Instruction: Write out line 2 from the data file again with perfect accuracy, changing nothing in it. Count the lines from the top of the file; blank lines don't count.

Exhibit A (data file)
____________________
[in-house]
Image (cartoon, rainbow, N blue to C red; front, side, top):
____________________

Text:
Image (cartoon, rainbow, N blue to C red; front, side, top):